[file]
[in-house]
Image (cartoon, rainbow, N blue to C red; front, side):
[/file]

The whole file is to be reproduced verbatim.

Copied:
[in-house]
Image (cartoon, rainbow, N blue to C red; front, side):